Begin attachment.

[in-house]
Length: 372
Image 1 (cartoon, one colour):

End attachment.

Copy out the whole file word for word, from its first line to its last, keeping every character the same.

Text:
[in-house]
Length: 372
Image 1 (cartoon, one colour):